After the London Blitz, he moved to Leeds for clinical studies. He graduated in 1944 at the age of 23.

He started working as a resident at a hospital in Leicester. About to go to the movies, he saw an ad calling for doctors to serve for a year with the British occupation forces in Japan. As he didn’t like the weather and scenery in what he knew of England, he decided to join the Air Force, as “my mother always thought I looked better in blue.” As part of the British forces in Japan, he met Ruth, who became his wife in 1949; she was statistician in the military government in Japan.

The Sherers later moved to New Zealand where Cyril served in the local army and then worked as an assistant to a rural general practitioner.

Ruth worked as a secretary for the Israeli consul-general when he visited the country.

They had three children that Sherer had delivered himself: David, who became a chief of obstetrics at the State University in New York; David, a professor of psychiatry and consultant in hospital management near Washington, DC, and Judith Shalvi, daughter-in-law of Alice and the late Moshe Shalvi. Judith is well known in Jerusalem as an administrator and will soon come to live in his former five-room medical clinic up a few stairs. Cyril has five grandchildren, one great-grandchild and another one on the way.

“All my children are very clever. I have a loving family, a beautiful home, no money worries and I still work, practising medicine in a country with a very high level of medicine,” he says.

After a long and happy life together, Ruth died about a year ago in Jerusalem, where she served as a secretary to the late Rabbi David Hartman for 25 years. As a widower, he has a live-in housekeeper from Moldavia who cooks excellent meals and takes care of the apartment.

THE TEACHING of medicine 70 years ago was a different world, he continues. “There was no attempt to teach a methodology of learning. In the ‘30s and ‘40s, there were no exciting lectures, no PowerPoint presentations, no color illustrations. Three-colored chalk was the most advanced technology.

“No one taught why things happened; we just had to memorize the muscles, veins, arteries and bones and what they did. It was totally passive and very paternalistic. When I was a student, no thought was given to the methodology of teaching. One just wrote essays.”

The medical professor wore striped trousers, recalled Sherer, and “was one social class above us and told us what to think and to do. There were no women my medical school. The doctor used to advise a patient, say a tailor, to take a vacation in the south of France to feel better.”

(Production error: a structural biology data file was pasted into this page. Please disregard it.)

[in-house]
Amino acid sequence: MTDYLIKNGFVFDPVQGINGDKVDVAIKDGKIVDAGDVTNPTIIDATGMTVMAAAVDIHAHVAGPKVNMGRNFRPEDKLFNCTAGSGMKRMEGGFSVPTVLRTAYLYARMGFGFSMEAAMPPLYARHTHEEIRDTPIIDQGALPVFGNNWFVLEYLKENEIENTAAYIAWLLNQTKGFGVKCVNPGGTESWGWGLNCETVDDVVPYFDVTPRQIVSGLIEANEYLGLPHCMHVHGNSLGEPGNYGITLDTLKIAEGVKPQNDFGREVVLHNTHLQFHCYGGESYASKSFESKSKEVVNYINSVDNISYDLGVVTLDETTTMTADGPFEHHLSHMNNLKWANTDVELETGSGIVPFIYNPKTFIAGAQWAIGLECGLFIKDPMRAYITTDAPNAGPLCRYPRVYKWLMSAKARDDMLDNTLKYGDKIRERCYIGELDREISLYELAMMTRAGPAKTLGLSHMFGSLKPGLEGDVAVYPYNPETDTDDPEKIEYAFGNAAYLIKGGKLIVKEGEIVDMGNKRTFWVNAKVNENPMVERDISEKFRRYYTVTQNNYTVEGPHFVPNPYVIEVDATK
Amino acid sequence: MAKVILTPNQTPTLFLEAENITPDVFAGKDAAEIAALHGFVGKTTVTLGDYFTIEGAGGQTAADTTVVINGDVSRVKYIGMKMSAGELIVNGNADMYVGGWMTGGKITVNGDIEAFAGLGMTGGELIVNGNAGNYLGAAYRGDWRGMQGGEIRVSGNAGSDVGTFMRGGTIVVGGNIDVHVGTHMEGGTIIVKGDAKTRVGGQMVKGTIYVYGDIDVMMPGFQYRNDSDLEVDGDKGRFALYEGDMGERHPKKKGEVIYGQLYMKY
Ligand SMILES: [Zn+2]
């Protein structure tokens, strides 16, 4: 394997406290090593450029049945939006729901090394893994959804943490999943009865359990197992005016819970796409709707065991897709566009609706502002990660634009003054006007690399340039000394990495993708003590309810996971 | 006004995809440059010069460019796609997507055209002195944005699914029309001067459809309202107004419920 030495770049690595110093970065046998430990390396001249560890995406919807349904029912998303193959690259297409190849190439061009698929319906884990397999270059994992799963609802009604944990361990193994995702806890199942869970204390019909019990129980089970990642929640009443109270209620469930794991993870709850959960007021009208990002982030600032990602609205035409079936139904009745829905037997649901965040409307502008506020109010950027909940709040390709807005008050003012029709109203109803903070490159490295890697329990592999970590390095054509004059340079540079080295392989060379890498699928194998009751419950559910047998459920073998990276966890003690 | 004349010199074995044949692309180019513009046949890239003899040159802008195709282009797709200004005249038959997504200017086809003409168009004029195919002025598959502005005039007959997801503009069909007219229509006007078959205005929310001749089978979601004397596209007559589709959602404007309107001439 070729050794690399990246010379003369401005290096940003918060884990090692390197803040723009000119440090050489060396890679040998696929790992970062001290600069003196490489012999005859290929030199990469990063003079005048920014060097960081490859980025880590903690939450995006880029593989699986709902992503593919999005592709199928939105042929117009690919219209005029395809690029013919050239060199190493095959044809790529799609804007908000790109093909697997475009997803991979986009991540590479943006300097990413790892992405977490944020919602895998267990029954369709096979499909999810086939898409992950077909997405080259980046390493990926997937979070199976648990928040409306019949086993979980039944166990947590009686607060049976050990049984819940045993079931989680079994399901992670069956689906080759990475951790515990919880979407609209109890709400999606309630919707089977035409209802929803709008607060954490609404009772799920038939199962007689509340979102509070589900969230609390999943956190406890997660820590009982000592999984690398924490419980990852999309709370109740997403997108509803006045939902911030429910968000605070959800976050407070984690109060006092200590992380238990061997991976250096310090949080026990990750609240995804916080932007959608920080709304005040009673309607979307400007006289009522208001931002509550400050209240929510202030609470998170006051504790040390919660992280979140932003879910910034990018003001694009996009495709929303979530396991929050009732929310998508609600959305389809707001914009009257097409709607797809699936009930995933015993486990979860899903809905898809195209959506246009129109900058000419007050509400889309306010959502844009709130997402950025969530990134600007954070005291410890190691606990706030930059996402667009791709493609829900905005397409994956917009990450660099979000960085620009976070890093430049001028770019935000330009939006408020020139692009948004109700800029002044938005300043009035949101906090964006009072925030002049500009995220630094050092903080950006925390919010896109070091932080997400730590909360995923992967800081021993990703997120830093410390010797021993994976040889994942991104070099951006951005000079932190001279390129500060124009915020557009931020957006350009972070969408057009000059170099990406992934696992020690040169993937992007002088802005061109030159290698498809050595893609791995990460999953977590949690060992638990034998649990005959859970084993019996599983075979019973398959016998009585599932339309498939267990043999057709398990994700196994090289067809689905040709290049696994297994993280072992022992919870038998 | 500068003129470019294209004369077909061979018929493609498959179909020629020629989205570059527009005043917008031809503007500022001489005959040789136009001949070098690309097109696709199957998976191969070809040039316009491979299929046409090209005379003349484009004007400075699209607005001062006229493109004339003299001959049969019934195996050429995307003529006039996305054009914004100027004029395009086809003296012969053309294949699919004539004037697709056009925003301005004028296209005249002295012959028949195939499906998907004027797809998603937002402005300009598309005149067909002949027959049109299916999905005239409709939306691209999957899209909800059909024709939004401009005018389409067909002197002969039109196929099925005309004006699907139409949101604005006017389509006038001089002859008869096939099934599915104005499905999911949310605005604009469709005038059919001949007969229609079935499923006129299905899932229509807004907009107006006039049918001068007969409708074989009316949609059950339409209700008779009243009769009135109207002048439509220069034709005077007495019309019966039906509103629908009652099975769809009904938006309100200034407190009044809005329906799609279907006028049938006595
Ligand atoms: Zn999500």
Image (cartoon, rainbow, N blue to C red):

“But,” says Sherer, “the study of medicine is an intellectual exercise, and practise is an art. If I ran medical schools, I would make sure everybody got six lectures from performing artists.”

Before 1945, medicine was observational, he says, adding that “evidence-based medicine began as a term only in 1990. In my time, you sat on a case and you knew the patient. You made an observation about him that you couldn’t explain, wrote it down and maybe would use it sometime.”

Between the middle of the 19th century and for nearly the next century or so, there weren’t many important new developments.

The main ones, recalls Sherer, were the use of ether and anesthesia; understanding of the importance of washing hands with soap and water; pasteurization; the understanding of thyroid function; insulin; tetanus antitoxin; smallpox vaccinations; x-rays and the use of intravenous fluids, especially on the battlefield.

Skin burns were treated by putting patients in a bathtub of saline; it hurt terribly, but it helped. Finally, penicillin was discovered.

“It was so scarce in Britain that doctors recycled it by using the urine of a patient who had been given the antibiotic.”

AFTER 13 years of a quiet existence as a New Zealand doctor, the couple realized that theirs was an “incredibly beautiful outdoors type of country, with lots of sheep, but it was very boring.” Cyril and Ruth decided to come on aliya in 1961 with their children, then aged 11, 10 and six.

“I had been in the Habonim Zionist movement in London at the age of nine.

Ruth and I had talked of doing so for years.

So it was natural that we were bitten by the aliya bug. We went to ulpan to learn Hebrew. The Jewish Agency’s functioning was terrible. Ruth had been here before, but I never had been.”